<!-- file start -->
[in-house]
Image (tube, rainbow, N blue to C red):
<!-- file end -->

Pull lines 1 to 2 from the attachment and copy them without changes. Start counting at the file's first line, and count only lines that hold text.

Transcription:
[in-house]
Image (tube, rainbow, N blue to C red):